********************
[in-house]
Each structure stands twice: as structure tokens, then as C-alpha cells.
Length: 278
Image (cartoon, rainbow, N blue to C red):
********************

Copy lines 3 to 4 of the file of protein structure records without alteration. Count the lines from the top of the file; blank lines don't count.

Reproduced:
Length: 278
Image (cartoon, rainbow, N blue to C red):